The Winner’s Curse and Reverse Auctions

The winner’s curse is an interesting (certainly it sounds interesting) feature usually discussed in relation to forward auctions – i.e. selling auctions. Basically it says that the winner of an auction is the one who has over-estimated the value of the item being auctioned.

This is how it works. It’s a very theoretical example but the point is not to be accurate, it is to illustrate a point:

5 companies want to buy an oilfield. They all have roughly the same technology at their disposal for estimating the amount of oil in the oilfield. They can all generate roughly the same amount of income from the oil. Theoretically some companies will under-estimate the value of the oilfield, and some will over-estimate.

Let’s say the oilfield is worth 100 units. Let’s say, that the oil companies have estimated the oilfield’s worth at 80, 90, 100, 110 and 120 units respectively.

Let’s now say that these 5 companies have been invited to submit sealed bids for the oilfield. And let’s say that they all bid 10 units less than the price they think it’s worth to them (so that they can make some profit), then you would get bids of 70, 80, 90, 100 and 110.

I know that this is a very simplified example – and I’m not going to go into digressions about net present value and the rates of return et al.

The point is that, when you are selling something that is worth roughly the same to everyone who is buying it, and you sell via a sealed bid, then the person who wins it is the one who over-estimated its value. In this example the company who estimated the value at 120 bids 110 and finds that the oilfield is worth 100.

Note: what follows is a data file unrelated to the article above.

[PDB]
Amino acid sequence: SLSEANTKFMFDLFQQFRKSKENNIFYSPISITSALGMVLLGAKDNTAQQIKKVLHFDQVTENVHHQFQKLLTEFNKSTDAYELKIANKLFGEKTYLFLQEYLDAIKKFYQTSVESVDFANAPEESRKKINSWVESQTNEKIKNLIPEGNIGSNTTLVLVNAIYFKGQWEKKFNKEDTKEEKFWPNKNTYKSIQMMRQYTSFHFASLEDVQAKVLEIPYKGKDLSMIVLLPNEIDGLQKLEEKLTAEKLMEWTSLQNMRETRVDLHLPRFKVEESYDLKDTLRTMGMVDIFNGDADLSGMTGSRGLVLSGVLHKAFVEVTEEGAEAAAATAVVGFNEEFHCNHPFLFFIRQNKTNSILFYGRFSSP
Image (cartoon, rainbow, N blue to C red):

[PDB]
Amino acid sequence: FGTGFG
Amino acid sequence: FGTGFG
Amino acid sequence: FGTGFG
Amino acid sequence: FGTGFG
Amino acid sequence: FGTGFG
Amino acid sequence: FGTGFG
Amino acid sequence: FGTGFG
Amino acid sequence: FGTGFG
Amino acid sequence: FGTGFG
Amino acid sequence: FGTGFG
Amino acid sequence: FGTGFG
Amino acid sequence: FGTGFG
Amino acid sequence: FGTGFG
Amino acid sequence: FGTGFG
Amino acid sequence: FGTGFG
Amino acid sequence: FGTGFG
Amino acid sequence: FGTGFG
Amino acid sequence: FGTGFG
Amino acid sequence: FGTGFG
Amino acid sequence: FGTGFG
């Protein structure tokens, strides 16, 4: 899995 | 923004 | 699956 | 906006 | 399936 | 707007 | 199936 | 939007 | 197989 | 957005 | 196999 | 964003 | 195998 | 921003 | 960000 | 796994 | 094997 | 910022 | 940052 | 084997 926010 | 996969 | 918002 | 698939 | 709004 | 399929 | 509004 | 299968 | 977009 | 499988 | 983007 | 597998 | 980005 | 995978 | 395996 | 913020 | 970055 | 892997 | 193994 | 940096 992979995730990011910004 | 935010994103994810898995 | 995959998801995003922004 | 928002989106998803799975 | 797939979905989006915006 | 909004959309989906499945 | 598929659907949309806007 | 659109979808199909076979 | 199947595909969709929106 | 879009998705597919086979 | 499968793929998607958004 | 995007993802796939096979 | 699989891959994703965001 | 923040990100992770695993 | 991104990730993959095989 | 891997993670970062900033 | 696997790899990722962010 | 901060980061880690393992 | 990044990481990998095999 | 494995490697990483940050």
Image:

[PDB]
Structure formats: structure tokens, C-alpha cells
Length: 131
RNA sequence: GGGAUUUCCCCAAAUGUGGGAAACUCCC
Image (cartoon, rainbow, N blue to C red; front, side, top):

That is the winner’s curse. Similar logic goes for normal “english” auctions as well.

But what about reverse auctions?

In a reverse auction, bidders (suppliers) are bidding down their margin. You would hope that bidders understand their cost structures, so would be unlikely to bid below their cost due to having under-estimated their cost. Of course, there are other reasons why bidders might bid below cost if they have particular strategic reasons for trying to win a particular contract. They would do this with their eyes wide open, though, so you can’t really talk of a curse.

If this is true (and I haven’t seen any serious studies on the subject) then it would mean that reverse auctions are even more efficient at allocating resources optimally than forward auctions.


Was my father in law’s 65th birthday celebration over the weekend. I was hoping to go for a whole weekend without getting dragged into anything computer-related, and nearly did, except for the fact that he had a new digital camera for his birthday and needed to install the software on his PC for it.

The main thing that threw him was that the CD you have to install is called the Solutions disk. He had filed the CD away because he assumed it was for trouble shooting: He had assumed that the Solutions disk was for Solving problems.

Whereas any techie will tell you that solution is just a piece of meaningless jargon which can mean almost anything, but only very rarely does it actually solve anything. When a techie means solution, in the sense that everyone else understands it, they will more likely use the word resolution.